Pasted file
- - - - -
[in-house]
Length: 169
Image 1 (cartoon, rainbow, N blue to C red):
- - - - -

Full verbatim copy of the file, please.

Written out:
[in-house]
Length: 169
Image 1 (cartoon, rainbow, N blue to C red):